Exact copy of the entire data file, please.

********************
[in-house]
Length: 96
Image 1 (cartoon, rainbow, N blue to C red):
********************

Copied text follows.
[in-house]
Length: 96
Image 1 (cartoon, rainbow, N blue to C red):